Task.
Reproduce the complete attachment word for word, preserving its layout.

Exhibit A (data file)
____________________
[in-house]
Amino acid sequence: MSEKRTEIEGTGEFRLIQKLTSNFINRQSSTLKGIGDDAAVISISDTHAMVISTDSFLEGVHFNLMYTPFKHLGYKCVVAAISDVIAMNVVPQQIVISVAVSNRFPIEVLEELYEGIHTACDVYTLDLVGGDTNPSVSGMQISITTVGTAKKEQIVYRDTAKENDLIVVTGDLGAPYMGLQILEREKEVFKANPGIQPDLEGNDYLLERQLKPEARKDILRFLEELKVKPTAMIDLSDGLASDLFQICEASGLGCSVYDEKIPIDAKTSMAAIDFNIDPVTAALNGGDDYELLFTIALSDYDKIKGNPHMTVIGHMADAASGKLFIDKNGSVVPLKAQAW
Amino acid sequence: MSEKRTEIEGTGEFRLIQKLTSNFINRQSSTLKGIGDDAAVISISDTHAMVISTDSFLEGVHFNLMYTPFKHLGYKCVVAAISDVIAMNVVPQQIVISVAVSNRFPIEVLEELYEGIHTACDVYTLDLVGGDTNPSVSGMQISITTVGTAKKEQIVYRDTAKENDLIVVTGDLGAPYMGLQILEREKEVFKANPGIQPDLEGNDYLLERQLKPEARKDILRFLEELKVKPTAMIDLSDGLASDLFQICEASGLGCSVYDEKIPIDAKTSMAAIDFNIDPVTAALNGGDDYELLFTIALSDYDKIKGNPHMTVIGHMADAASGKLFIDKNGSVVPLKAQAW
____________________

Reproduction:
[in-house]
Amino acid sequence: MSEKRTEIEGTGEFRLIQKLTSNFINRQSSTLKGIGDDAAVISISDTHAMVISTDSFLEGVHFNLMYTPFKHLGYKCVVAAISDVIAMNVVPQQIVISVAVSNRFPIEVLEELYEGIHTACDVYTLDLVGGDTNPSVSGMQISITTVGTAKKEQIVYRDTAKENDLIVVTGDLGAPYMGLQILEREKEVFKANPGIQPDLEGNDYLLERQLKPEARKDILRFLEELKVKPTAMIDLSDGLASDLFQICEASGLGCSVYDEKIPIDAKTSMAAIDFNIDPVTAALNGGDDYELLFTIALSDYDKIKGNPHMTVIGHMADAASGKLFIDKNGSVVPLKAQAW
Amino acid sequence: MSEKRTEIEGTGEFRLIQKLTSNFINRQSSTLKGIGDDAAVISISDTHAMVISTDSFLEGVHFNLMYTPFKHLGYKCVVAAISDVIAMNVVPQQIVISVAVSNRFPIEVLEELYEGIHTACDVYTLDLVGGDTNPSVSGMQISITTVGTAKKEQIVYRDTAKENDLIVVTGDLGAPYMGLQILEREKEVFKANPGIQPDLEGNDYLLERQLKPEARKDILRFLEELKVKPTAMIDLSDGLASDLFQICEASGLGCSVYDEKIPIDAKTSMAAIDFNIDPVTAALNGGDDYELLFTIALSDYDKIKGNPHMTVIGHMADAASGKLFIDKNGSVVPLKAQAW